The next day we visited the Secret Garden at Changdeokgung Palace, another UNESCO World Heritage site and also built by the kings of the Joseon Dynasty (1392-1897). Unfortunately it rained again and we had to shelter under the very wide eaves of the garden buildings as we moved around. It continued raining as we moved from the garden to the palace but at least there was a bit more shelter there.

We went to find a shopping mall but instead discovered Seoul Central Railway Station built in 1927 and with many similarities to Flinders Street Station, built 73 years earlier. Inside we discovered an avant-garde typographic exhibition, ‘Typojanchi 2013’, with three floors of exhibits covering 50 years of experimental typography.

On our final morning, after a stuff up with our hotel transfer we managed to get to Yongsan Station with just a minute to spare, for our high speed train ride to Jeonju in the south west.

But even that had its upside.

Architecture and Oranges. (November 2012)

Thursday, November 29th, 2012

Valencia was a total surprise.

From the moment we arrived at the beautiful Art Nouveau, Estación de Norte, the Valencian architecture continued to delight.

This was our first trip without the Renault, so we were relying on the Spanish railway network.

Our commuter Renfe (Red Nacional de Ferrocarriles Españoles or Spanish National Railway Network) took us from Montgat straight to Sants Estació, where we picked up a long distance Renfe to Valencia.

Our hotel was walking distance from the station, so it was a rather effortless four hour journey.

We had arrived early enough in the afternoon to take the last city tour on the Hop-On-Hop-Off, tourist bus, This was around the historical centre of Valencia and gave us a good idea of where the sites were.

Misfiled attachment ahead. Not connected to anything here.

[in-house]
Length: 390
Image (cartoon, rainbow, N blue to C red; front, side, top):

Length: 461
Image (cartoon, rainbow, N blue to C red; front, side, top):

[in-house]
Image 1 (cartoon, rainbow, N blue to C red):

Our bus tickets were valid for 24 hours, so the next morning we took the second half of the city tour. This was around the new area of the city and down to the port.

It was cold and wet but the driver insisted that the best views were from the top of the bus, so he put up the vinyl roof and dried off the seats. There we were, the only tourists on the bus, with the best seats. In fact we had been the only takers the previous evening, so had the best seats then as well.

Having got a good perspective on the city, we decided to walk around the old centre in the afternoon.

This took us to the Central Market, where we bought some juicy Valencia oranges for lunch. We then visited the Silk Exchange, Generalitat Palace, Our Lady’s Basilica in the Virgin Square, the Santa Catalina Church Tower, the Bullring and finally back to the Estación del Norte, to take some more snaps.

Oranges are a feature of the station’s decorative mosaics, both inside and out.

The highlight of the old city was the Lonja de la Seda or Silk Exchange, built between 1482 and 1548. It’s a world renowned example of a secular building in the Late Gothic style and a UNESCO World Heritage site.

This is the 16th Century version of today’s stock exchange, with a large decorative trading hall, where the riches of the East and the New Wold were traded.

There were other beautiful buildings close to our hotel, like the town hall, post office and the Bank of Valencia.

Even our hotel had an ornate Art Nouveau entrance.

That was the old, now for the new.

Our second bus tour took us along the Antiguo del Rio Turia. This is the bed of the river Turia that was diverted after a catastrophic flood in 1957.

This area has now become a sunken recreational parkland and home to the City of Arts and Sciences.

Designed by Santiago Calatrava and Félix Candela, the City of Arts and Sciences it is a group of breathtakingly contemporary buildings and bridges that has become the cities most popular, ‘modern’, tourist attraction.

This complex has done for Valencia what Frank Gehry’s Guggenheim Museum did for Bilbao.

Integrated inside this complex is L’Oceanogràfic, the largest marine park in Europe with 45,000 animals and 500 different species of mammals, fish, birds, reptiles and invertebrates.

Not surprisingly it’s centered round the Mediterranean, Atlantic and the Americas.